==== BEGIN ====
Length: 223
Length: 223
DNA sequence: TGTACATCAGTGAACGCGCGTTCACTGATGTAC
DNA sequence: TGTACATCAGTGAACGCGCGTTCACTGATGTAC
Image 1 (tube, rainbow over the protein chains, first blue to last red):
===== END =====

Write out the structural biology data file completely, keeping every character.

Length: 223
Length: 223
DNA sequence: TGTACATCAGTGAACGCGCGTTCACTGATGTAC
DNA sequence: TGTACATCAGTGAACGCGCGTTCACTGATGTAC
Image 1 (tube, rainbow over the protein chains, first blue to last red):